Repairing Airplanes Inflight, From the Outside (Jun, 1930)

It sure would suck if you dropped something.

Youthful Miami Inventor Blazes Another Trail in the Safety of Flying

ONE of the difficulties of air travel is the impossibility of making repairs outside of the cockpit while the ship is in flight. This holds particularly true when the trouble is centered about the tail. James Terry, inventor, of Miami, Fla., is shown demonstrating his safety device which makes it possible to make repairs without landing.

10 comments
  1. Leo says: March 26, 20084:48 am

    What exactly is this “safety device”? Is it that piece of rope, which the engineer tries to hold onto? It looks everything but safe.

  2. Rob says: March 26, 200812:15 pm

    This still doesn’t address the problem of working on the engine while the prop windmills in the relative wind. Sorry, but if you need a repair and think I’m going outside in flight to fix it, you’re crazier than this inventor!

  3. Sporkinum says: March 26, 200812:58 pm

    ACDC must’ve seen this article..

    “Oh, we’ve got big balls
    We’ve got big balls
    We’ve got big balls
    Dirty big balls
    He’s got big balls
    She’s got big balls
    But we’ve got the biggest balls of them all”

  4. Rick Auricchio says: March 26, 20081:40 pm

    There was a pair of brothers in the 20s or 30s who set a time-aloft record. They had special catwalks on the aircraft so they could change oil and spark plugs while in flight!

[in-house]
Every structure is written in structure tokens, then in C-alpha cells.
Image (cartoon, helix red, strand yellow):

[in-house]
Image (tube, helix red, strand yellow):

5. Ednonymous says: March 27, 20084:14 pm

    If your tail needs repairs maybe you shouldn’t be in the air.

  6. cockgrinch says: March 28, 20082:00 am

    DO NOT WANT!!!!

  7. Shontopapa says: September 9, 20085:49 am

    This can be used for jet planes, too!

  8. TimeFlies says: January 8, 20097:08 am

    “This is your captain speaking. Welcome aboard, ladies and gentleman. We are currently cruising on a height of 10000 ft, outside temperatures are -60 degrees. You will be happy to know that we are going to reach our destination right on schedule, as we saved 20 minutes by not doing that needed repair on our tail before takeoff. Lunch will be served in 10 minutes from now, and if you see our repairman passing by your window, give him a round of applause!”

  9. Paul says: March 12, 20099:50 pm

    I’m pretty sure that’s Lao Che’s plane from Indiana Jones and the Temple of Doom. Shorty, get our stuff!

  10. Bayard says: April 7, 20104:44 pm

    This article proves without a doubt that Modern Mechanix is the predecessor of Mad Magazine.

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